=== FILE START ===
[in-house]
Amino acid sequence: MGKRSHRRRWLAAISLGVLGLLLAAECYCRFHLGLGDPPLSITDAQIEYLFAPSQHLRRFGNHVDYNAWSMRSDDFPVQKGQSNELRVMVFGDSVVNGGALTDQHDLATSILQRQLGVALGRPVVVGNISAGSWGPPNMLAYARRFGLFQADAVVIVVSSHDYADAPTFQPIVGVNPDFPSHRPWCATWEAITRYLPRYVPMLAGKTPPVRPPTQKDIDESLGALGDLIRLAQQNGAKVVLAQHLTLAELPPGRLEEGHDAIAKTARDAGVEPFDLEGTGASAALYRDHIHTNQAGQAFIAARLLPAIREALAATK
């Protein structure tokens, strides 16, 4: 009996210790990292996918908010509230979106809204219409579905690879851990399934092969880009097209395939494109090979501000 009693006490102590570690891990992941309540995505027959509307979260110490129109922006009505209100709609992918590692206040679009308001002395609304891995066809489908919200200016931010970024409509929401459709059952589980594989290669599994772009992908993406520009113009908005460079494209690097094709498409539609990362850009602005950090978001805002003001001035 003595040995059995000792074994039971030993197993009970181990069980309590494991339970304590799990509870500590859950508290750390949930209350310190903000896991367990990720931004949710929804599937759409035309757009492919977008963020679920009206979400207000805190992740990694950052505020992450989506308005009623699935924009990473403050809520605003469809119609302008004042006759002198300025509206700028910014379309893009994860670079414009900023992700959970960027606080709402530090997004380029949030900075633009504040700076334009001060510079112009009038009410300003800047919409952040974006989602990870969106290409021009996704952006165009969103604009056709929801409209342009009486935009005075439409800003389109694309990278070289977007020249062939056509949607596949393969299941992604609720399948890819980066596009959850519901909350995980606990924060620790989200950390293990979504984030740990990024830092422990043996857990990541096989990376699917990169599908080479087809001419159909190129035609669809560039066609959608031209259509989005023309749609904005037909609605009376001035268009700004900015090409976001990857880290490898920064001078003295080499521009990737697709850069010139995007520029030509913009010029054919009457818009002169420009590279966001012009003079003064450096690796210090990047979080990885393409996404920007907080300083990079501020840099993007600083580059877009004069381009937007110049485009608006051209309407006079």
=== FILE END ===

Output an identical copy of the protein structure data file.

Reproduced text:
[in-house]
Amino acid sequence: MGKRSHRRRWLAAISLGVLGLLLAAECYCRFHLGLGDPPLSITDAQIEYLFAPSQHLRRFGNHVDYNAWSMRSDDFPVQKGQSNELRVMVFGDSVVNGGALTDQHDLATSILQRQLGVALGRPVVVGNISAGSWGPPNMLAYARRFGLFQADAVVIVVSSHDYADAPTFQPIVGVNPDFPSHRPWCATWEAITRYLPRYVPMLAGKTPPVRPPTQKDIDESLGALGDLIRLAQQNGAKVVLAQHLTLAELPPGRLEEGHDAIAKTARDAGVEPFDLEGTGASAALYRDHIHTNQAGQAFIAARLLPAIREALAATK
């Protein structure tokens, strides 16, 4: 009996210790990292996918908010509230979106809204219409579905690879851990399934092969880009097209395939494109090979501000 009693006490102590570690891990992941309540995505027959509307979260110490129109922006009505209100709609992918590692206040679009308001002395609304891995066809489908919200200016931010970024409509929401459709059952589980594989290669599994772009992908993406520009113009908005460079494209690097094709498409539609990362850009602005950090978001805002003001001035 003595040995059995000792074994039971030993197993009970181990069980309590494991339970304590799990509870500590859950508290750390949930209350310190903000896991367990990720931004949710929804599937759409035309757009492919977008963020679920009206979400207000805190992740990694950052505020992450989506308005009623699935924009990473403050809520605003469809119609302008004042006759002198300025509206700028910014379309893009994860670079414009900023992700959970960027606080709402530090997004380029949030900075633009504040700076334009001060510079112009009038009410300003800047919409952040974006989602990870969106290409021009996704952006165009969103604009056709929801409209342009009486935009005075439409800003389109694309990278070289977007020249062939056509949607596949393969299941992604609720399948890819980066596009959850519901909350995980606990924060620790989200950390293990979504984030740990990024830092422990043996857990990541096989990376699917990169599908080479087809001419159909190129035609669809560039066609959608031209259509989005023309749609904005037909609605009376001035268009700004900015090409976001990857880290490898920064001078003295080499521009990737697709850069010139995007520029030509913009010029054919009457818009002169420009590279966001012009003079003064450096690796210090990047979080990885393409996404920007907080300083990079501020840099993007600083580059877009004069381009937007110049485009608006051209309407006079």